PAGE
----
Sure, Harry is a one-in-a-million special snowflake with his scar and dead parents and everything, but that won’t last forever, kiddo. I remember being fawned over plenty when I was seventeen. I felt like I was on top of the world; like I too had slain the dark lord of legend. But time marches on. Soon your meager triumphs fade into the past. Soon those you called your friends drift away. Soon your body deteriorates to the point where no amount of magic can rescue it from the ravages of age. Soon you will understand what the world is really like.
One day, Harry Potter will wind up as cold and bitter as the rest of us.
This review was unbearable. For a start, far too much talk of kids. I have one and I dont need to hear any more about any kids. Bloody kids!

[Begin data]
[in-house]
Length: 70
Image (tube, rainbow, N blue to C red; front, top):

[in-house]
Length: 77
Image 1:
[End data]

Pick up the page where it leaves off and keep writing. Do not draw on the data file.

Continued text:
Still, I did enjoy the books :)
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As a HUGE Harry Potter fan I was at first enraged and appalled at the idea of a non-stellar review of the series, but you my friend have made me laugh and I can’t help but agree with your points. A real adult problem is Oh snap! My dog just filleted herself on the fence, how am I going to shell out 800 bucks to fix her AND pay the utility bills??
Harry Potter is still amazing but I thoroughly enjoyed your review.
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Exactly! See, you get it. The world is tough and cruel and just plain expensive. Kids these days expect to just be handed a huge vault of wizard gold, but things don’t always work out that way.
I have been given money once in my life. One single time. It was on my eleventh birthday. My grandmother, bless her heart, gave me $15 and told me to buy myself something special. Then my father staggered in, snatched the money from my hand and drunkenly screamed, “Now you know what taxes feel like!”
I learned a valuable lesson that day.